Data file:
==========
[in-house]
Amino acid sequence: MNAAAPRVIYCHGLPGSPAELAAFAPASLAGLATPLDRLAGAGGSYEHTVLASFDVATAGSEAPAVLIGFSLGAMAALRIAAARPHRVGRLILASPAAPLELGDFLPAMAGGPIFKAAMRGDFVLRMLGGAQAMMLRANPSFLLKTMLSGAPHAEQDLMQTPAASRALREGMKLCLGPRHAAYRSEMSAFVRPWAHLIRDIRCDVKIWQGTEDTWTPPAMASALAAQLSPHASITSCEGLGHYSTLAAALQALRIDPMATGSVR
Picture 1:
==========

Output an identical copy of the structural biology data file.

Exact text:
[in-house]
Amino acid sequence: MNAAAPRVIYCHGLPGSPAELAAFAPASLAGLATPLDRLAGAGGSYEHTVLASFDVATAGSEAPAVLIGFSLGAMAALRIAAARPHRVGRLILASPAAPLELGDFLPAMAGGPIFKAAMRGDFVLRMLGGAQAMMLRANPSFLLKTMLSGAPHAEQDLMQTPAASRALREGMKLCLGPRHAAYRSEMSAFVRPWAHLIRDIRCDVKIWQGTEDTWTPPAMASALAAQLSPHASITSCEGLGHYSTLAAALQALRIDPMATGSVR
Picture 1: